This is a guest post by Judd Legum, who previously served as Research Director for Hillary Clinton’s 2008 presidential campaign and was a creator of “Think Progress” at the Center for American Progress. This post originally appeared at Huffington Post and is cross-posted with permission.
There were 23 debates during the Democratic primary and part of my job on the Hillary campaign was to monitor the post-debate reaction in the media. I watched hundreds of self-described political experts instantly declare who won and who lost.
Here’s what I learned: the pundits are full of it. They don’t know any more than you do and many of them have a vested interest in tilting the scales one way or another. After the debate ends, if you want to know who won, turn off the TV. You can figure it out for yourself.
The first thing to understand is that the winner of the debate isn’t the person who makes the best arguments. If it was, Al Gore would be finishing up his second term. The winner of the debate is the person who moves votes to their side. You can figure out who that will be by focusing on these three factors:
1. 30 seconds are more important than 90 minutes. Although tens of millions of people will watch the debate, most everyone will forget the bulk of it immediately. The lasting impression of the debate for most voters will be the two or three exchanges — usually less than 15 seconds long — that are replayed, discussed, and analyzed over and over again. More often than not, whoever gets the best of these moments wins the debate.
For example, in the Des Moines Register debate in mid-December, Obama was asked a pretty tough question: How he could rely on so many former Clinton advisers and still represent a break from the past? Hillary laughed and said, “I want to hear that!” Obama flashed a smile and shot back: “Hillary, I’m looking forward to you advising me as well.” It was a pitch-perfect response and catnip for the media, which played the exchange repeatedly for days. Overall, Hillary turned in a very solid performance and demonstrated an impressive command of the issues. But it didn’t matter. Obama had won the key 15 seconds and it gave him a critical boost just days before the Iowa caucus.
John Edwards was generally regarded as an excellent debater. So why was it that the debates never seemed to help him much in the polls? He never really did anything memorable. (Quick: name one line Edwards said in a primary debate.) His answers were always smooth, coherent and on message. It didn’t do him any good.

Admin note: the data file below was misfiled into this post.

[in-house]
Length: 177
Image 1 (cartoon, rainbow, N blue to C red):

Identify who got the better of two or three most memorable exchanges between Obama and McCain and you’ll be a long way toward identifying the winner.
2. Mistakes matter, but only some of them. Probably the worst mistake in the Democratic primary debates was Hillary’s famous non-answer to a question about drivers licenses for undocumented immigrants. But it wasn’t a big mistake because people care deeply about the issue. (When is the last time you’ve heard driver’s licenses mentioned on the campaign trail?) It was important because it fit into a pre-exisiting narrative about Hillary that had been developed by her opponents for some time. Namely, that Hillary is politically calculating and dishonest. Since it reinforced a pre-exisiting narrative it caused Hillary immense damage and sent the campaign into a tailspin from which it never fully recovered.
During the next debate in Nevada, Obama was asked a similar question about drivers licenses for illegal immigrants and gave a similarly meandering answer. Yet, he paid no political price. The reason is simple: no one believed at the time that Obama was dishonest or politically calculating. So a mistake that was debilitating for Hillary was a non-issue for Obama.
In this debate, a mistake on an economic issue will be more damaging to McCain because there is a pre-existing narrative that he isn’t knowledgeable or engaged on the economy. Similarly, a mistake on foreign policy would be more damaging to Obama because there is a pre-existing narrative that he may not have the experience to be commander-in-chief.
3. It is a popularity contest. At the end of the day these candidates are trying to get voters to like them. As a result, in many instances, what the candidates say is far less important than how they say it.
During the spring and summer, Obama struggled to gain traction in debates because the delivery of his answers were perceived as detached and professorial. In other words, the things he was saying were smart but he wasn’t making friends. In an August debate, Hillary won a lot of admirers when she said with a smile: “For fifteen years, I have stood up against the right-wing machine and I’ve come out stronger. So if you want a winner who knows how to take them on, I’m your girl!”
The person who is the most relaxed and getting some laughs is usually the winner.
The reason why much of the punditry that follows the debate is inaccurate or irrelevant is that many of the people involved are far more interested in shaping the outcome of the debate than reflecting it. It usually doesn’t work, but most give it a shot anyway.
You can do a lot better by thinking for yourself.
— Judd Legum